S.Africa animal rights group tries to stop big game hunt

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South African animal rights group the NSPCA on Monday said it has obtained a warrant in its attempt to stop a week-long large game hunt that could see hundreds of animals die.

Game such as gemsbuck, wildebeest, warthogs, and impalas have already been killed in the hunt, the group said, which is set to take place on a private reserve in the Limpopo region.

Critics say the method of killing, which involves tracking the beasts then driving them toward hunters waiting on special platforms, though legal is cruel as animals are often only wounded and then left to die a slow and painful death.

The NSPCA was granted a warrant by a South African court, and can bring charges against the organisers if they see signs of cruelty towards animals during the hunt.

“Our team has successfully obtained a warrant to gain access to the farms for the next four days,” the National Council of Societies for the Prevention of Cruelty to Animals in South Africa said on its Facebook page.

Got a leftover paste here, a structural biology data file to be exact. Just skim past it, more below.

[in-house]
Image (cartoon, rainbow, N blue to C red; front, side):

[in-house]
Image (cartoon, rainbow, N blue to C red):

“Please be assured that we are doing everything possible to stop the hunt.”

The controversy comes just over two months after Cecil the lion was killed by an American recreational game hunter in Zimbabwe, causing a global outcry against inhumane hunting.

The NSPCA said some animals have already been killed during the organised hunt.

“We can confirm that 18 animals were killed today, including gemsbuck, eland, wildebeest, warthogs, impala and duiker,” said the Facebook post.

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  • ctulpa

    The NSPCA had gained court ordered approval to monitor the hunt and are
    on-sight. NSPCA is making reports of their findings. The NSPCA, a staunch anti-hunting group, had been trying to get the driven hunt stopped, falsely claiming it would be a huge massacre, most animals would be wounded, and left to die while suffering.

    Here is an excerpt from that report after
    yesterday’s hunt (the 2nd day of the hunt)….

    “……………Isabel Wentzel from the NSPCA who monitored the hunt
    today, said that there really was no massacre, that the hunt was
    strictly controlled and well organized. She admitted that there is no
    legal precedent to refer to in this case, and that the method of this
    type of hunt is not ethical. The NSPCA said that the shots were clean
    kills, and there were no animal cruelty involved………”

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